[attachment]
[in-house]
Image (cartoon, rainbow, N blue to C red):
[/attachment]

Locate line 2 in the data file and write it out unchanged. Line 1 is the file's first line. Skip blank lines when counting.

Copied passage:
Image (cartoon, rainbow, N blue to C red):